Holidaymakers should beware fraudulent booking websites, after a 20% increase in reported cases of people being stung by scam travel sites.
According to the Association of British Travel Agents (ABTA), victims typically lose around £1,200 to such scams with an estimated £7.2 million stolen from unsuspecting holidaymakers in 2016.
Scammers create fake websites, rental listings, and even fake social media pages to trick holidaymakers into reserving accommodation that doesn’t exist. Other scams focus on selling fake airline tickets, particularly to African and Indian sub-continental destinations, in order to rip-off unwitting people visiting friends and family.
Sports and religious trips are particularly susceptible to fraudulent schemes due to the higher costs associated, while timeshares and holiday clubs are also targets, with victims frequently losing tens of thousands of pounds.
As a result, ABTA, the City of London Police, and Get Safe Online have teamed up to issue a joint report warning people to be aware of “sophisticated” holiday booking fraud.
According to the report, those aged between 20 and 39 are more susceptible to the scams, with older holidaymakers apparently warier of a deal that looks too good to be true. The majority of those defrauded are through bank transfers or by cash payments, with many fraudsters claiming these payment methods are the only ones protected by their own phony insurance schemes.
Deputy head of crime reporting agency Action Fraud, Steve Proffitt, says: “Action Fraud has seen a consistent rise in the number of holiday fraud reports made over the past five years. We recommend that people are thorough when researching their travel arrangements and book directly with an airline or hotel, or through a reputable agent. When deciding to deal directly with a property owner or letting agent, ask them questions about the booking, room, location and area.”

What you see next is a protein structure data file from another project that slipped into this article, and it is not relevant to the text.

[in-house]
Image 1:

Protect yourself when booking a holiday
With a proliferation of online resources for travel booking it can be difficult to identify legitimate and fraudulent booking sites. However, there are some things you can do to ensure the validity of the site:
1. Check the web address: some booking sites can have convincing fraudulent facsimiles appear in search results. It is essential to check whether it should be .com, .org, or .co.uk.
2. Check a company’s credentials: look for online reviews from varying sources. Check if the site has the ABTA logo, or if in doubt, verify the company is a member at www.abta.com.
3. Payment methods: never pay via bank transfer or cash as this is very difficult to trace in the event you fall victim to a fraud. Paying for holiday bookings by credit card or debit card should be protected under either ‘Section 75’ legislation or via voluntary ‘Chargeback’ schemes from card providers.
4. Be wary: if a deal looks too good to be true, it might just be. The travel industry has reported very high booking levels in 2017 so far, with consumers paying a premium for flights and accommodation due to a weaker pound. Fraudsters could look to take advantage of this by offering extraordinarily good rates.
For further help on staying safe online, read 17 ways to protect your money online in 2017.